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Buying a Vehicle

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Financial Planning -> Save Money -> Buying a vehicle

Buying a vehicle

Probably your first major purchase in life will be a vehicle, so take your time and do it right.

 

bullet Save up the money.  Don't go into debt for a vehicle.
bullet Carefully consider all options.  This will probably be the first test of your financial decision-making abilities.
bullet You should know exactly what the insurance, gas and maintenance costs will be for any vehicle you are considering.
bullet Compare fuel efficiency for different vehicles before making your decision.  This information is readily available on the internet.  Estimate how many kilometres you will drive, and you can then estimate your gas costs.  If a vehicle uses an average of 10 litres per 100 kilometres, and gas costs $1 per litre, then your gas will be costing you $0.10 per kilometre.  A larger vehicle using 20 litres per 100 kilometres will cost $0.20 per kilometre at $1.00 per litre.
bullet How much will it cost you to park the vehicle at school or at work?
bullet You can save money by buying a slightly used vehicle, and still get some factory warranty.  Check the sales of ex-rental vehicles.
bullet Newer vehicles usually require less maintenance than older vehicles.
bullet If you don't know much about vehicles, and maybe even if you do, it would be wise to have your chosen vehicle inspected professionally for mechanical problems.  Canadian Automobile Association (CAA) is one organization that will do a mechanical inspection for a fee.  Their website also offers tips and other help for buying new or used vehicles.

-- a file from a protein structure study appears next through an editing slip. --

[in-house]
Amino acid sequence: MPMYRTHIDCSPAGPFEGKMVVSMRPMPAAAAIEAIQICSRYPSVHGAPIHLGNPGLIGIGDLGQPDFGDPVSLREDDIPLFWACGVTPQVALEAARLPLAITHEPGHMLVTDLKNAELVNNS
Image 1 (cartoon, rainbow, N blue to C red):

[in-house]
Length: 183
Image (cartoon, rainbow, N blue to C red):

bullet Do a search to see if there are any liens against the vehicle.
bullet A careful inspection by an experienced auto body repair person would be advisable (this saved our bacon at least once!).
bullet In BC, you can check with ICBC to determine the accident history of the vehicle.  However, some accident repairs may be done without using an insurance company, in which case the accident history is not very useful.
bullet If you are buying a used vehicle, you can avoid GST by purchasing one privately rather than through a dealer or company.
bullet Once you determine how much you can afford to spend on a vehicle, and what the operating costs will be, use these numbers to determine what you would have in the future if you invested the money instead.  This might convince you to use public transit instead of buying a vehicle.

We have never borrowed to purchase a vehicle, and have never purchased a new vehicle.  We seem to have done well buying vehicles that are one or two years old, and still have some warranty.

However, if you are set on financing the purchase of your vehicle, make sure you know the annual percentage rate (APR) of the financing being offered to you, and explore other methods of financing.

See also our article on Rebates and PST reductions for fuel-efficient vehicles

Tip:  Pay cash, know your costs, and get a mechanic and a body repair person to check a used vehicle.

Revised: October 30, 2017

 

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